Overall, carbon nanotubes provide a promising platform for salt detection, offering high sensitivity, rapid response times, and the potential for integration into miniaturized and portable sensing devices. Further research is being conducted to optimize the sensing performance, selectivity, and stability of CNT-based salt sensors for a broad range of applications, including environmental monitoring, agriculture, and healthcare. In this research, we propose a novel salinity sensor using a D-shaped polymer optical fiber with a carbon nanotube sensing layer. By optimizing the sensor's sensitivity, accuracy, and real-time monitoring capabilities, it holds the potential to offer a more efficient and cost-effective alternative to traditional methods such as microstrip moisture sensor  (Jain, 2022) for the detection of salt, where a microstrip antenna is dipped in a solution containing salt, the amount of concentration is detected by the change in reflection coefficient. Additionally, the Terahertz metamaterial sensor (Deng et al., 2022) relies on salt solution coverage and detects concentration changes through shifts in resonant frequency peaks. However, the performance of such sensors can be compromised by electromagnetic and RF interference.

Experimental Methods

In this research, MWCNTs 95%, sodium chloride 99%, nitric acid 65%, and sulfuric acid 95% were purchased from Sigma-Aldrich, and a 1000-micron diameter plastic optical fiber (POF) core and cladding made of (poly methyl methacrylate and fluorine resin) purchased from Mouser Electronics (Malaysia) was used to design a D shaped sensor. The POF was then placed in a v groove to secure it, and a fine file was used to polish the fiber down to the required size, as shown in Figure 1 (a). The POF sensing zone was fabricated to be 1 cm in length. After polishing, the cladding of the POF over the sensing region was totally removed. The side view and cross-section diagrams of the D-shaped POF are depicted in Figure 1(b and c) separately, and the resultant D-shaped sensor is depicted in Figure 1(d).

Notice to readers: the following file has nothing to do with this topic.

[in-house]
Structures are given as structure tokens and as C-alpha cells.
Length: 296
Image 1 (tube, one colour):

Figure 1 POF in V groove for side polishing process a) Aerial view; b) Side view; c) Cross section view d) D-shaped sensor

To functionalize CNTs, acid treatment was employed using commonly used acids such as nitric acid  sulfuric acid  or a mixture of both (Norizan et al., 2020). The nanotubes were immersed in the acid mixture and subjected to reflux or sonication to introduce functional groups onto their surface. This functionalization process enhanced the compatibility of the CNTs with the fiber material and enabled chemical reactions.